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עמוד בית
Mon, 23.05.22

February 2022

Assaf Shelef MD MHA, Sagit Dahan RN MA, Shira Weizman MD, and Esther Bloemhof Bris MA

Background: Risk factors for severe coronavirus disease-2019 (COVID-19) infection include old age, chronic illness, and neurological conditions. In contrast, high vitamin D levels are known to augment immune activity and to reduce the severity of viral infections. Recently, a possible association between the likelihood of COVID-19 infection, COVID-19 severity, and vitamin D blood levels was reported.

Objective: To assess the possible association between vitamin D long-term supplementation and COVID-19 symptomatic severity and complications of COVID-19 infection in elderly psychiatric inpatients, a high at-risk group.

Methods: We conducted a retrospective case series study. Data of 14 elderly COVID-19 positive inpatients, presenting with dementia or schizophrenia and other medical conditions were extracted from medical records. All patients maintained a 800 IU daily dose of vitamin D prior to the infection.

Results: Most of the inpatients were asymptomatic or presented very few symptoms. No need for intensive care unit intervention or deaths were reported. Cognitive functioning of the patients remained unchanged.

Conclusions: Pre-existing vitamin D supplementation may reinforce immunity and reduce COVID-19 severity in elderly psychiatric inpatients.

Yoav Bichovsky MD, Amit Frenkel MD MHA, Evgeni Brotfain MD, Leonid Koyfman MD, Limor Besser MD, Natan Arotsker MD, Abraham Borer MD, and Moti Klein MD
Sara Dovrat PhD, Ela Kashi-Zagdoun BSc, Zvia Soufiev BSc, Ella Mendelson PhD, and Tzion Schlossberg MD

Background: Infections in neonates with herpes simplex virus 1 (HSV-1) following circumcision due to Metzitzah Be'Peh (MBP) performed by a Mohel occur each year in small numbers. One solution to this problem is the use of a mucus extractor device instead of MBP, which has been authorized by some rabbis. Yet, using a mucus extractor remains controversial among ultra-Orthodox Jews; thus, creating a need for additional solutions.

Objectives: To seek to reduce HSV-1 infection of neonates due to MBP.

Methods: We tested several oral rinse solutions for their ability to destroy virus infectivity following incubation for 30 seconds and using plaque reduction assays.

Results: Corsodyl, Decapinol, and Listerine® all destroyed plaques formation of spiked virus, while Gengigel and Tantum Verde were found to be less effective. We focused specifically on Listerine® due to its efficacy in eliminating contagious HSV-1 from saliva after a 30-second oral rinse. Five different products of Listerine® reduced the infectivity of a spiked virus by more than 4 orders of magnitude in 30 seconds. We also showed that Listerine (up to 7% v/v) can stay in the mouth but did not harm living cells and therefore will not cause any damage to the injured tissue.

Conclusions: Significant reduction in cases of infection with HSV-1 due to MBP can be achieved if Mohalim consistently adopt the practice of careful mouth washing with Listerine® just before performing MBP.

Anton Warshavsky MD, Roni Rosen MD, Uri Neuman MD, Narin Nard-Carmel MD, Udi Shapira MD, Leonor Trejo MD, Dan M. Fliss MD, and Gilad Horowitz MD

Background: Accuracy of the number and location of pathological lymph nodes (LNs) in the pathology report of a neck dissection (ND) is of vital importance.

Objectives: To quantify the error rate in reporting the location and number of pathologic LNs in ND specimens.

Methods: All patients who had undergone a formal ND that included at least neck level 1 for a clinical N1 disease between January 2010 and December 2017 were included in the study. The error rate of the pathology reports was determined by various means: comparing preoperative imaging and pathological report, reporting a disproportionate LN distribution between the different neck levels, and determining an erroneous location of the submandibular gland (SMG) in the pathology report. Since the SMG must be anatomically located in neck level 1, any mistake in reporting it was considered a categorical error.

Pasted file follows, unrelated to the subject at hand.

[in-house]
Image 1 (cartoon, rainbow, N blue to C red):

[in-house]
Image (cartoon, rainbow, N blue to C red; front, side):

Results: A total of 227 NDs met the inclusion criteria and were included in the study. The study included 128 patients who had undergone a dissection at levels 1–3, 68 at levels 1–4, and 31 at levels 1–5. The best Kappa score for correlation between preoperative imaging and final pathology was 0.50. There were nine cases (3.9%) of a disproportionate LN distribution in the various levels. The SMG was inaccurately reported outside neck level 1 in 17 cases (7.5%).

Conclusions: At least 7.5% of ND reports were inaccurate in this investigation. The treating physician should be alert to red flags in the pathological report

Moshe Gips MD, Jose Bendahan MD, Shlomo Ayalon MD, Yigal Efrati MD, Moshe Simha MD, and Dov Estlein MD

Background: Pilonidal disease in the natal cleft is treated traditionally by a wide and deep excision of the affected area. There is growing awareness, however, to the advantages of minimally invasive surgeries.

Objectives: To compare the efficacy of wide excision operations and minimal trephine surgery in patients with primary pilonidal disease.

Methods: In this retrospective study we examined surgical and inpatient records of 2039 patients who underwent surgery for primary pilonidal disease in five private hospitals between 2009 and 2012. Most procedures were of lay-open, primary midline closure, and minimal surgery types. Pilonidal recurrence rates were evaluated in a subset of 1260 patients operated by 53 surgeons each performing one type of surgery, regardless of patient characteristics or disease severity.

Results: With a mean follow-up of 7.2 years, 81.5%, 85%, and 88% of patients were disease-free after minimally invasive surgery, wide excision with primary closure, and lay-open surgery, respectively, with no statistically significant difference in recurrence rates. Minimal surgeries were usually performed under local anesthesia and involved lower pain levels, less need for analgesics, and shorter hospital stays than wide excision operations, which were normally performed under general anesthesia. The use of drainage, antibiotics, or methylene blue had no effect on recurrence of pilonidal disease.

Conclusions: Minimally invasive surgeries have the advantage of reducing the extent of surgical injury and preserving patient’s quality of life. They should be the treatment of choice for primary pilonidal disease